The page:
Commissioners split over USPS bid to drop Saturday delivery

US regulators have revealed some disagreement over whether the US Postal Service should abandon Saturday deliveries in order to cut its costs. In a long-awaited advisory opinion issued today, the Postal Regulatory Commission did suggest the USPS had underestimated potential impacts from its proposals to move to a five-day delivery week, and estimated cost savings were “optimistic”.

But, individual Commissioners were split over their personal interpretations of the review, expressing advice to Congress “somewhat differently” over whether to allow the Postal Service the power to cut a day’s delivery service.

Writing to Congress today to express its formal opinion on the USPS proposal, the Commission said the USPS would likely save $1.7bn a year moving to five-day deliveries (including the lost revenue from mail volume reduction), rather than the $3.1bn claimed by the loss-making USPS.

The Commission also warned that the savings could take up to three years to emerge, not helping the USPS with its financial problems in the short term.

It said it believed the impact on USPS revenues from the declining mail volumes, attributable to the loss of a day’s delivery service, would be around $600m a year. This was three times the estimate of USPS, with Commissioners warning that the “hidden cost” could emerge as a price increase for customers.

While USPS proposals would not affect whether Post Offices are open on a Saturday, and would leave Post Office Boxes available on Saturdays, the Commission did warn that losing a day’s delivery service could mean a two-day delay for up to a quarter of First Class and Priority Mail items.

The advisory opinion also stated firmly that if Saturday deliveries are to be dropped by USPS, the Postal Service would have to do more to protect rural and isolated communities from the loss in services.

Disagreement

While the Commission’s advisory opinion refrained from a clear recommendation on whether the USPS should actually make the move to a five-day delivery week, the Commissioners themselves did issue separate statements expressing their personal views on the matter.

And, the Commissioners appeared to disagree over whether the USPS had done enough to state its case for losing Saturday deliveries.

Two Commissioners – including chairperson Ruth Goldway – advised against the dropping of Saturday deliveries. Two Commissioners suggested that they believed the benefits were sufficient to make the move worthwhile. The Commission’s vice chairman, Mark Acton, did not put a personal view forward.

Goldway stated in her view that the Postal Service’s proposal was against national postal policy, and “unfairly” discriminated against customers in remote and rural areas, and states like Alaska and Hawaii.

She said: “As the record of the Commission’s opinion shows, some 25 percent of mail will be delayed by two or more days, which is more burdensome to any population that has greater reliance on the mail.”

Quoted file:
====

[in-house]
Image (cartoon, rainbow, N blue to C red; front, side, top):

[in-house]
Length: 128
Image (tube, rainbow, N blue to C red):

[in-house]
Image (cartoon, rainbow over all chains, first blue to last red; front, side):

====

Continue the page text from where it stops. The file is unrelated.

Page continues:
“Inevitable”

However, Commissioner Dan Blair argued that the USPS proposals would be a “dramatic step” toward bringing its costs in line with its income.

He cited witness testimony that a move to a five-day week was “inevitable” given the shift towards electronic forms of communications, and pointed to previous Commission views that a five-day delivery week could be considered a minimum requirement for a universal service obligation in the US.

Blair concluded in his personal view: “In proposing to reduce days of delivery, the Postal Service must balance service against solvency. A reduction in days of delivery will produce a significant cost savings, but the Postal Service must show Congress that these reductions help, not hurt, its future financial viability to sustain the needs of the Nation.”

Commissioner Tony Hammond suggested in his personal view that losing Saturday deliveries could be preferable to more “distasteful” alternatives such as the closure of post offices.

“Serious flaws”

However, Commissioner Nanci Langley said she believed there were “serious flaws” in the USPS proposals, agreeing with her chairperson that it would have significant impacts on rural and remote communities.

Langley also stated her belief that the USPS would miss out on a significant competitive advantage, particularly in the growing parcels segment, by being unable to provide deliveries on a Saturday.

She said: “The Commission found that currently, 21.2% of parcels are delivered on Saturday and that the elimination of Saturday delivery and processing would delay Package Services even more than First-Class Mail. Why forfeit the significant competitive advantage of six-day a week delivery in a 24/7 environment?”

In her letter to Congress, Goldway said the decision over the proposals ultimately rested with Congress and the USPS, but warned the nation’s lawmakers that “a decision to change the existing patterns of postal communications and delivery
should be made with care”.

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